16. By: Thibault Lemaire; Paul Vertier
    Abstract: Global commodity prices spikes can have strong macroeconomic effects, particularly in developing countries. This paper estimates the global commodity prices pass-through to consumer price inflation in Africa. Our sample includes monthly data for 48 countries over the period 2002m02-2021m04. We consider 17 commodity prices separately to take into account both the heterogeneity in price variations and the cross-correlations between them, and to depart from aggregate indices that use weights unrepresentative of consumption in African countries. Using local projections in a panel dataset, we find a maximum pass-through of 24%, and a long-run (18 months) pass-through of about 20%, higher than usually found in the literature, which typically uses aggregate indices. We also consider country-specific regressions to test whether estimated pass-through are related to countries’ observable characteristics. We find evidence that the pass-through is negatively correlated with the GDP per capita and the quality of transport infrastructure, and positively correlated with the share of food and energy in the consumption basket and the share of taxes on goods and services in government revenue. Net oil exporters, countries with larger energy subsidies and with a more independent central bank tend to have a lower pass-through. We further show that commodity-specific pass-through are correlated with the share of corresponding goods in the consumer basket.
    Keywords: Commodity Prices, Food Prices, Energy Prices, Inflation, Pass-Through, Africa
    JEL: C23 E31 F44 O11 Q02
    Date: 2023
    URL: http://d.repec.org/n?u=RePEc:bfr:banfra:906&r=agr
  17. By: Jorge M. Uribe (Universitat de Barcelona & Universitat Oberta de Catalunya.)
    Abstract: Climate change adaptation depends crucially on the fiscal space of countries. The historical accumulation of high debt levels among emerging and low-income developing countries, which are disproportionately affected by climate change, poses a significant concern. In light of this issue, we empirically examine the potential trade-off between reducing vulnerability to climate change and maintaining fiscal stability. Our findings indicate that governance, as a measure of institutional quality, is the key determinant of both fiscal stability and climate change preparedness. Thus, there is no inherent trade-off between the two aims. Higher levels of institutional quality result in increased preparedness for climate hazards and a lower likelihood of fiscal crises. However, our survival analysis also highlights that fiscal stability is contingent upon the debt burden, particularly the interest paid on that debt. This could potentially result in fiscal instability. In light of these findings, international efforts to address the consequences of climate change should aim to maintain relatively constant interest payments on debt among emerging and low-income countries during their ecological transition. Our results further suggest that enhancing human habitat conditions, while considering the role of governance, is the most effective means of simultaneously reducing the likelihood of a fiscal crisis and increasing preparedness for climate hazards. A reduction in the human habitat vulnerability index by one unit results in approximately a 40% decrease in the probability of a fiscal crisis, while an equivalent increase in governance reduces the probability by 55%.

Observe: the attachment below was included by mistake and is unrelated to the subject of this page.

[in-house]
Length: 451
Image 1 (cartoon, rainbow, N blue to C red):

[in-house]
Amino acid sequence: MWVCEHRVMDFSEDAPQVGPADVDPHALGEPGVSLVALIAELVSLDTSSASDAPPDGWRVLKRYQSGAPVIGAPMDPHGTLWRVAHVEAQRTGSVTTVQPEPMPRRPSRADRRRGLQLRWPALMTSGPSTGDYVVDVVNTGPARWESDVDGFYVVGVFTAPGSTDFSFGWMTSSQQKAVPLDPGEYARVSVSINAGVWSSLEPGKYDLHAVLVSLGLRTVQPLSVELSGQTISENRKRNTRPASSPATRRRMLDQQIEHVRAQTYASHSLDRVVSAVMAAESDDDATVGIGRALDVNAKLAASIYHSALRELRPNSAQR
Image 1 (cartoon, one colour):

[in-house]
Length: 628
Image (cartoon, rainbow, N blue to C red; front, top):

Keywords: Climate vulnerability, Climate hazards, Macroeconomic instability, Duration analysis, Survival analysis, Debt-overhang. JEL classification: E44, E62, F34, Q54.
    Date: 2023–02
    URL: http://d.repec.org/n?u=RePEc:ira:wpaper:202303&r=agr
  18. By: Samaniego, Joseluis; Lorenzo, Santiago; Rondón Toro, Estefani; Krieger Merico, Luiz Fernando; Herrera Jiménez, Juan; Rouse, Paul; Harrison, Nicholas